When I think of Meek Mill, I think of his music, of course, (and immediately “Dreams and Nightmares” plays in my head) but I also think of the constant battle he’s been facing with the criminal justice system.
In an op-ed published in the Philadelphia Inquirer on Tuesday, rapper and mogul Jay-Z let it be known that he was none too happy about the city of Philadelphia’s decision to “evict” his six-year-old Made in America Festival for 2019.
Meek Mill is seeking justice, and his city is behind him. Fans gathered in droves Monday outside the Juanita Kidd Stout Center for Criminal Justice in Philadelphia, where Judge Genece Brinkley heard arguments about granting the 31-year-old rapper a new trial on gun- and drug-related charges he faced when he was 19.
The Philadelphia Eagles are still celebrating their Super Bowl win, but they won’t be doing it at the White House. Fewer than 10 of the players planned to attend the White House visit, so the offer was taken back. Supposedly, they were disinvited because the team doesn’t agree with standing during the national anthem.
Free Meek Mill.
Remember that white girl who called the cops on those two black guys?
In an interview with CBS This Morning, rapper Meek Mill acknowledged that without the high-profile support and endorsements he received, he’d likely still be in prison.
During a stirring speech delivered to rising college students in Philadelphia on Wednesday, Michelle Obama embraced the moniker “Forever First Lady,” sending the crowd of 8,000 high school students into thunderous cheers.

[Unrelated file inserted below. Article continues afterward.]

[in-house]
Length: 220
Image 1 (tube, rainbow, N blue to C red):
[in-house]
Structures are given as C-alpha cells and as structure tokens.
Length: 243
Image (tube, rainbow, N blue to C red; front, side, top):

Updated Wednesday, May 2, 2018, 3:10 p.m. EDT: Starbucks says it has settled for a yet undisclosed amount with Donte Robinson and Rashon Nelson, two black men who were arrested in a Philadelphia Starbucks after a manager called the cops on them.
Ryan Moten’s grandmother remembers her time at Philadelphia’s Roberts Vaux Junior High School fondly: the sewing classes, cheering at basketball games and swaying during dances in the gym. Ryan’s mother remembers her stint at Vaux a generation later differently. The Sharswood Blumberg neighborhood surrounding Vaux,…
Meek Mill has won his battle to be freed from prison on bail.
Have you ever been right for the wrong reason? I’m sure you have. We all have. Well, when it comes to Starbucks, I’ve been right for both the right and wrong reasons. Starbucks has always represented gentrification to me (yep) and has been representative of the Man stepping on the necks of black folks near and far,…
Rep. John Lewis (D-Ga.) is a living legend of the civil rights movement and we get to take selfies with him. We can touch him. Wrap our arms around his shoulders. Most importantly, we get to listen to his speeches and live-tweet them.
Warning: The video contained in this post is another example of the criminalization of black skin. I warn that the video may be disturbing to viewers who don’t believe that this type of injustice happens on a regular basis. Sadly, if you are black, then you already know that this type of shit happens every day.
Updated Monday, April 16, 2018, 12:41 p.m. EDT: Well, well, well. Despite calls for the Starbucks manager to be fired after calling the police on two black men simply for standing there, it looks as if the still-unidentified employee will be able to part ways with the company in what a Starbucks spokesperson referred…
When two black men were arrested at a Philadelphia Starbucks on Thursday for simply sitting there, being black and minding their business, people in the store who witnessed it were outraged, including Melissa DePino—whose video recording of the arrest went viral on social media.
Remember Starbucks’ “Race Together” idea a few years back? The since-destroyed concept was that baristas at the high-priced coffee chain were to openly engage customers on race relations in the United States.
Anyone who’s been following the Meek Mill case by now knows that it has taken on the feel of a Greek tragedy. The details that have emerged—Meek’s arrest when he was 19 for a bogus crack charge by a crooked cop, the ensuing years of probation under the eyes of a petty and overbearing judge, the returns to prison under…
Don’t look now, but it looks like raucous, white sports fans just trying to have a good time by destroying property actually can get arrested.